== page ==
AN acclaimed Scottish chef has opened a fourth restaurant in the country’s capital – though that was never quite the plan.

Stuart Ralston – the head chef at Edinburgh eateries Aizle, Noto, and tipo who has twice appeared on the BBC series Great British Menu – told the Sunday National he had not intended to focus on the capital, or to open two new restaurants in 2023, but that’s how the cards fell.

“We had a deal to go to London with Noto, and we were going to do something in Glasgow as well, but just organically some deals work out and some don't,” he said.

“Our strategy hasn't always been ‘focus on Edinburgh’. It's just the spaces that come up and the way they come up. They just sort of landed where they landed and they were all in Edinburgh.”

Ralston’s fourth Edinburgh restaurant is called Lyla and aims to showcase the best of Scottish seafood.

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Lyla offers tasting menus showcasing scallops from the Isle of Skye, lobster from Peterhead and trout from Loch Etive, to name just a few.

“If you're not really into seafood, it's probably not the place for you,” Ralston told the Sunday National.

But there is also a wealth of food foraged from Scotland’s natural environment, such as prized Hen of the Woods mushrooms or wild garlic capers.

“You almost have to take advantage of them because they're on our doorstep,” Ralston says.

Despite focusing on Scottish produce, there is a clear Asian influence on the menu. From sake to chawanmushi (a savoury Japanese egg custard, below), eastern flavours play a key role.

The National: Some of the food and drink on offer at Lyla, including cocktails, snacks, and a dessert course (below)

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“The things that I like to eat are generally the things I put on the menus,” Ralston said.

“After living in New York, I was exposed to quite a lot of really, really good, different styles of Asian cuisine, whether it’s Japanese or Korean or whatever, and it just sort of stuck with me.”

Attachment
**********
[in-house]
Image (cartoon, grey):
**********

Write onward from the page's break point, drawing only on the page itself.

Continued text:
Ralston spent time working in Gordan Ramsay’s flagship two Michelin-starred New York restaurant and at Sandy Lane in Barbados before coming to Edinburgh to open restaurants nine years ago.

His business has unexpectedly doubled in size in the past year, with tipo opening earlier in 2023, followed by his newest venture this month.

The location which Lyla now occupies was previously home to 21212, a restaurant run by the “legendary” Michelin-starred chef Paul Kitching for 15 years.

However, Kitching (below) unexpectedly passed away in December 2022, aged 61.

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“It was his place and him and his wife, Katie, ran it for a long time,” Ralston said. “Then Katie asked me if I'd be interested in coming on board, taking over the restaurant space as my own. So it kind of came out of the blue.

“It wasn't an opportunity that I wanted to turn down. It's a beautiful space that I've always sort of desired and would love to have been cooking in, but obviously not under these circumstances.”

The name of his new restaurant, Lyla, also has a personal connection.

The head chef explains: “Lyla was on the list of names for children that me and my wife ... when she was pregnant, we were having conversations about baby names, and we never got to use it because we had two boys [now aged three and eight].”

Having accepted the opportunity to step into Kitching’s old space, Ralston said the next few years will be focused on celebrating and consolidating what he has – and that a return to TV screens is unlikely.

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“I enjoyed it, I did, but I don't think I would do it again,” he said of his time competing in two series of the BBC’s Great British Menu, where he missed out on the gold on both occasions.

“TV stuff, I'm not sure that's my future. I enjoy doing it, but I do feel a sense of anxiety when I'm away from the restaurants for too long,” Ralston went on.

“Even though I was annoyed to lose at the time – I'm quite competitive – I enjoyed the experience.

“I was always a big fan of the Great British Menu. Years and years ago, watching all the sorts of chefs that I look up to on it. So to be a part of the history of it was a nice honour.

“But I guess also, in terms of cooking, it is a game show, and it feels a little bit like that.

“I think your props and all these things really count, they really make a big difference. So I feel like the more effort, the more money, the more thought, the more time you have to do that is probably better, which takes away a little bit from the cooking side of it.”

The cooking side of things are on show at Lyla, where the open-plan dining area has the chefs visible throughout – as are the ingredients.

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In the drawing room, produce including halibut, scallops, trout and wagyu beef – which will all later appear on diners’ tables – is on display to spark conversations around the food before the meal even begins.

It gives a “kind of full-circle feel” to the experience, and further showcases the top-quality foodstuffs that Scotland has, Ralston said.

“I'm proud of the products that we have. We spend a lot of money on them, we take a lot of care with them," he added.

“So it's nice to show them off and really showcase what they look like and what we do with them.”

Lyla is at Number 3 on Edinburgh’s Royal Terrace. Bookings can be made on its website at: